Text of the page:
Mercedes-Benz’s smaller crossover is the CLA-based GLA, Canadian pricing for which starts at about $40K. 

The larger GLE-Class starts around CAD $65,000. 

The only three-row Mercedes-Benz SUV is the GL-Class, which stretches from slightly less than $85,000 to far more than $130,000, which is where the military-based G-Class starts.

Bigger than the GLK was, thank goodness. The GLC is nearly five inches longer than the old GLK and a couple inches wider. Despite its greater exterior dimensions, the GLC is also substantially lighter than the GLK, a boon for fuel efficiency, ride quality, and handling.

Cargo volume behind the rear seats is up by 24%. With the rear seats folded, there’s apparently only 3% more space, but the difference appears far more significant, as the GLC’s cargo area width is up by nearly six inches.

Historical Monthly/Yearly Mercedes-Benz GLC Sales Figures
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2015 Mercedes-Benz GLA250 4Matic Driven Review
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As for the GLC’s placement in the Mercedes-Benz SUV/crossover lineup, the larger GLE-Class is about six inches longer, slightly more than an inch wider, and six inches taller. The GLE offers more than 1000 litres of cargo volume behind the rear seats; the GLC just 580. The smaller GLA250 4Matic is more than nine inches shorter bumper to bumper, more than three inches narrower, and 4.5 inches lower. The GLC’s cargo area is 19% larger.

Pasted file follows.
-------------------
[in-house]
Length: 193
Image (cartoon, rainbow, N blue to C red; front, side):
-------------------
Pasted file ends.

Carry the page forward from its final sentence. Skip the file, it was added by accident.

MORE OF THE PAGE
In the context of mainstream utility vehicles, North America’s best-selling Honda CR-V is four inches shorter, three inches narrower, but half an inch higher. CR-V cargo volume is some 80% greater behind the rear seats and 25% better with the seats folded. Overall CR-V passenger volume is only modestly more substantial, but the greater space is felt in every corner of the cabin.

2017 Mercedes-Benz GLC300 4Matic rear
All Photo Credits: Timothy Cain ©
Click Images For A Larger View

Oh, how well it works, and in virtually every way.

But let’s start with the ways in which the 2016 Mercedes-Benz GLC300 4Matic doesn’t work.



Frankly, there’s very little that jumps out at you. Driver ingress is somewhat awkward, with the left-most section of the dash reaching out for your knees and a generally tight squeeze for the driver leaving little comfort for someone in a bulky winter jacket. Mercedes-Benz’s tacked-on centre screen is a cheap element in an otherwise outstanding interior, and it’s controlled not by touch but by two controllers on the centre console. The upper touchpad is unnecessary and overly sensitive – the mouse-like wheel is enough.